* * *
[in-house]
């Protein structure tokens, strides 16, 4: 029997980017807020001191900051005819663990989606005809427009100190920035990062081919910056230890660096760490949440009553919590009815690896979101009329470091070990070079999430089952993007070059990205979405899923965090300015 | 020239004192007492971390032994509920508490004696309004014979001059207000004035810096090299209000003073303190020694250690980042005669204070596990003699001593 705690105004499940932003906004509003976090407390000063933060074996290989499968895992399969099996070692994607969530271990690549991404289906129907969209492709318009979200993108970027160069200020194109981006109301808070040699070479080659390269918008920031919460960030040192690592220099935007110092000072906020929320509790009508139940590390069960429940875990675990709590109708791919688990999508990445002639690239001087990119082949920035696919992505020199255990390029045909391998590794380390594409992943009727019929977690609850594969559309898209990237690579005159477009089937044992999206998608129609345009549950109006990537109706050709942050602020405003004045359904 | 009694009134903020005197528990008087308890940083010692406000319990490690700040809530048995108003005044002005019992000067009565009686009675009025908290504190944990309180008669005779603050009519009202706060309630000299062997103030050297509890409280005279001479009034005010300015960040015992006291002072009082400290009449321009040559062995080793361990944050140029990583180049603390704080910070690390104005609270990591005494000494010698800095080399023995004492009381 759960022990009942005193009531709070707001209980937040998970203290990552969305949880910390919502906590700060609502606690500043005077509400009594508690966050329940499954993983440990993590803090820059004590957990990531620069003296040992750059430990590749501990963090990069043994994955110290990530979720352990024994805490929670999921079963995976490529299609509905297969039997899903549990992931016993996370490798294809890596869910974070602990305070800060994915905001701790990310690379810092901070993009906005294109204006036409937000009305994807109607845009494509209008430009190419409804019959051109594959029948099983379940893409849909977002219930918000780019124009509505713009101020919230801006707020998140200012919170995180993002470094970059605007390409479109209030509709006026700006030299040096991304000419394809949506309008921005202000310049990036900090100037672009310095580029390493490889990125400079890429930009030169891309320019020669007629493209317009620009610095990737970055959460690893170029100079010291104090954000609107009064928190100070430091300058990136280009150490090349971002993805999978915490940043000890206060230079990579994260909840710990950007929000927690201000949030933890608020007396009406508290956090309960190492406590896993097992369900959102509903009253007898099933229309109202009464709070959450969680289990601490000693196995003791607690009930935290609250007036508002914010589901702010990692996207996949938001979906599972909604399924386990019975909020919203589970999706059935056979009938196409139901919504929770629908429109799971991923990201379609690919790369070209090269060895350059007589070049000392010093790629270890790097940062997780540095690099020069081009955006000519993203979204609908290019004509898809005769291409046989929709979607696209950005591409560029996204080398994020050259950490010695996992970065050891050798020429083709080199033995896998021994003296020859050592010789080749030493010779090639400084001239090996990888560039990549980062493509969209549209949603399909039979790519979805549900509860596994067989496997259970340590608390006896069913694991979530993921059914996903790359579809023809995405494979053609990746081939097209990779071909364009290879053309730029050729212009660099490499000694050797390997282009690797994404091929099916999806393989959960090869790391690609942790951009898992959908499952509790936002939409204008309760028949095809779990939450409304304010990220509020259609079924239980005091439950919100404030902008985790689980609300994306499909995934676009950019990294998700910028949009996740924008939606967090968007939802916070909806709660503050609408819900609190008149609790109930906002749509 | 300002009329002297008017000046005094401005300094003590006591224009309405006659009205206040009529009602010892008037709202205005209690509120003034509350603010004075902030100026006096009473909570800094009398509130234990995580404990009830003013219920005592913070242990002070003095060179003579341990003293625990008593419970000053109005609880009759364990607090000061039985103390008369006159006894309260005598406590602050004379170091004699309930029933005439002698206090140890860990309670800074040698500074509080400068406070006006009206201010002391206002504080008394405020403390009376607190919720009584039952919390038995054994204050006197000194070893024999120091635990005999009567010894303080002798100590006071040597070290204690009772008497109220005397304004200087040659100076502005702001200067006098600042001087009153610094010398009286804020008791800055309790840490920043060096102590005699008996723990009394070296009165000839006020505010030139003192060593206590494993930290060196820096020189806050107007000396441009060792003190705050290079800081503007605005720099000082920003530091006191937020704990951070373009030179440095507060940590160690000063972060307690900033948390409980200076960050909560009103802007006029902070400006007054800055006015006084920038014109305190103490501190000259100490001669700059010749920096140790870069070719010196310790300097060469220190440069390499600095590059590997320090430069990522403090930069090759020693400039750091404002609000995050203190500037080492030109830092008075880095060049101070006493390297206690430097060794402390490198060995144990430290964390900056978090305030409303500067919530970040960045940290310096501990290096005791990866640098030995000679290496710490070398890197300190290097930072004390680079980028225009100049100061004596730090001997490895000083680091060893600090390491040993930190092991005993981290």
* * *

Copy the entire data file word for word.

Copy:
[in-house]
């Protein structure tokens, strides 16, 4: 029997980017807020001191900051005819663990989606005809427009100190920035990062081919910056230890660096760490949440009553919590009815690896979101009329470091070990070079999430089952993007070059990205979405899923965090300015 | 020239004192007492971390032994509920508490004696309004014979001059207000004035810096090299209000003073303190020694250690980042005669204070596990003699001593 705690105004499940932003906004509003976090407390000063933060074996290989499968895992399969099996070692994607969530271990690549991404289906129907969209492709318009979200993108970027160069200020194109981006109301808070040699070479080659390269918008920031919460960030040192690592220099935007110092000072906020929320509790009508139940590390069960429940875990675990709590109708791919688990999508990445002639690239001087990119082949920035696919992505020199255990390029045909391998590794380390594409992943009727019929977690609850594969559309898209990237690579005159477009089937044992999206998608129609345009549950109006990537109706050709942050602020405003004045359904 | 009694009134903020005197528990008087308890940083010692406000319990490690700040809530048995108003005044002005019992000067009565009686009675009025908290504190944990309180008669005779603050009519009202706060309630000299062997103030050297509890409280005279001479009034005010300015960040015992006291002072009082400290009449321009040559062995080793361990944050140029990583180049603390704080910070690390104005609270990591005494000494010698800095080399023995004492009381 759960022990009942005193009531709070707001209980937040998970203290990552969305949880910390919502906590700060609502606690500043005077509400009594508690966050329940499954993983440990993590803090820059004590957990990531620069003296040992750059430990590749501990963090990069043994994955110290990530979720352990024994805490929670999921079963995976490529299609509905297969039997899903549990992931016993996370490798294809890596869910974070602990305070800060994915905001701790990310690379810092901070993009906005294109204006036409937000009305994807109607845009494509209008430009190419409804019959051109594959029948099983379940893409849909977002219930918000780019124009509505713009101020919230801006707020998140200012919170995180993002470094970059605007390409479109209030509709006026700006030299040096991304000419394809949506309008921005202000310049990036900090100037672009310095580029390493490889990125400079890429930009030169891309320019020669007629493209317009620009610095990737970055959460690893170029100079010291104090954000609107009064928190100070430091300058990136280009150490090349971002993805999978915490940043000890206060230079990579994260909840710990950007929000927690201000949030933890608020007396009406508290956090309960190492406590896993097992369900959102509903009253007898099933229309109202009464709070959450969680289990601490000693196995003791607690009930935290609250007036508002914010589901702010990692996207996949938001979906599972909604399924386990019975909020919203589970999706059935056979009938196409139901919504929770629908429109799971991923990201379609690919790369070209090269060895350059007589070049000392010093790629270890790097940062997780540095690099020069081009955006000519993203979204609908290019004509898809005769291409046989929709979607696209950005591409560029996204080398994020050259950490010695996992970065050891050798020429083709080199033995896998021994003296020859050592010789080749030493010779090639400084001239090996990888560039990549980062493509969209549209949603399909039979790519979805549900509860596994067989496997259970340590608390006896069913694991979530993921059914996903790359579809023809995405494979053609990746081939097209990779071909364009290879053309730029050729212009660099490499000694050797390997282009690797994404091929099916999806393989959960090869790391690609942790951009898992959908499952509790936002939409204008309760028949095809779990939450409304304010990220509020259609079924239980005091439950919100404030902008985790689980609300994306499909995934676009950019990294998700910028949009996740924008939606967090968007939802916070909806709660503050609408819900609190008149609790109930906002749509 | 300002009329002297008017000046005094401005300094003590006591224009309405006659009205206040009529009602010892008037709202205005209690509120003034509350603010004075902030100026006096009473909570800094009398509130234990995580404990009830003013219920005592913070242990002070003095060179003579341990003293625990008593419970000053109005609880009759364990607090000061039985103390008369006159006894309260005598406590602050004379170091004699309930029933005439002698206090140890860990309670800074040698500074509080400068406070006006009206201010002391206002504080008394405020403390009376607190919720009584039952919390038995054994204050006197000194070893024999120091635990005999009567010894303080002798100590006071040597070290204690009772008497109220005397304004200087040659100076502005702001200067006098600042001087009153610094010398009286804020008791800055309790840490920043060096102590005699008996723990009394070296009165000839006020505010030139003192060593206590494993930290060196820096020189806050107007000396441009060792003190705050290079800081503007605005720099000082920003530091006191937020704990951070373009030179440095507060940590160690000063972060307690900033948390409980200076960050909560009103802007006029902070400006007054800055006015006084920038014109305190103490501190000259100490001669700059010749920096140790870069070719010196310790300097060469220190440069390499600095590059590997320090430069990522403090930069090759020693400039750091404002609000995050203190500037080492030109830092008075880095060049101070006493390297206690430097060794402390490198060995144990430290964390900056978090305030409303500067919530970040960045940290310096501990290096005791990866640098030995000679290496710490070398890197300190290097930072004390680079980028225009100049100061004596730090001997490895000083680091060893600090390491040993930190092991005993981290």